Jaladhi, Jāladhi, Jala-dhi: 19 definitions


Jaladhi means something in Hinduism, Sanskrit, Buddhism, Pali, the history of ancient India, Marathi. If you want to know the exact meaning, history, etymology or English translation of this term then check out the descriptions on this page. Add your comment or reference to a book if you want to contribute to this summary article.

In Hinduism

Purana and Itihasa (epic history)

Source: archive.org: Shiva Purana - English Translation

Jaladhi (जलधि) refers to the “ocean”, according to the Śivapurāṇa 2.3.20 (“The story of the submarine fire”).—Accordingly, after Brahmā spoke to the Ocean: “Thus requested by me, the ocean agreed. None else could have grasped Śiva’s fire of fury thus. That fire in the form of a mare entered the ocean [i.e., jaladhi] and began to consume the currents of water. It blazed with all its shooting flames. O sage, then, delighted in mind I returned to my abode. The ocean of divine form bowed to me and vanished. O great sage, the entire universe, freed from the fear of that fire became normal. The gods and the sages became happy”.

Source: archive.org: Puranic Encyclopedia

Jaladhi (जलधि).—The crocodile which is the conveyance of Varuṇa. It is mentioned in Vāmana Purāṇa, Chapter 9, about conveyances of Gods as follows:—

"The conveyance of Indra is the white elephant, which came into being from the palm of Danu, and is of extraordinary strength and valour. The black buffalo called Pauṇḍraka, which was born from the thigh of Rudra, and is as quick as the mind and very fierce, is the conveyance of Yama (the god of death). The conveyance of Varuṇa is the black crocodile called 'Jaladhi', born from the ear-wax of Rudra, and having divine power of movement. The conveyance of Vaiśravaṇa (the god of wealth) is a ferocious man with eyes like two cart-wheels and body as big as mountain, who was born from the leg of Ambikā. The eleven Rudras have speedy horses, terrible serpents and white oxen of high speed. Candra has a chariot as his vehicle yoked with five hundred swans. The vehicles of the Ādityas are chariots yoked with horses and camels. The conveyances of the Vasus are elephants, men for Yakṣas, serpents for Kinnaras, and horses for the Aśvinīdevas. The Maruts of fearful appearance have deer as conveyance. The Vidyādharas have parrots for conveyances. An asura called Andhaka has a chariot with thousand posts as his vehicle. Prahlāda had, as conveyance a divine chariot of gold and silver yoked with eight white horses and elephant for Virocana, horse for Kujaṃbha, divine chariot yoked with yellow horses, for Śaṅkukarṇa, elephant for Hayagrīva, chariot for Maya, Great serpent for Dundubhi, Aeroplane for Śaṃbara and lion for Ayaśśaṅku.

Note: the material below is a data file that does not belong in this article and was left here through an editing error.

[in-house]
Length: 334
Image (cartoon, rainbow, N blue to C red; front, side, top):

Source: Cologne Digital Sanskrit Dictionaries: The Purana Index

1) Jaladhi (जलधि).—See Varuṇa, who gave garland to Devī on the eve of her war campaign.*

  • * Brahmāṇḍa-purāṇa IV. 29. 84.

2) Jāladhi (जालधि).—A Bhārgavagotrakara.*

  • * Matsya-purāṇa 195. 22.
Purana book cover
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The Purana (पुराण, purāṇas) refers to Sanskrit literature preserving ancient India’s vast cultural history, including historical legends, religious ceremonies, various arts and sciences. The eighteen mahapuranas total over 400,000 shlokas (metrical couplets) and date to at least several centuries BCE.

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Vaishnavism (Vaishava dharma)

Source: Brill: Śaivism and the Tantric Traditions (vaishnavism)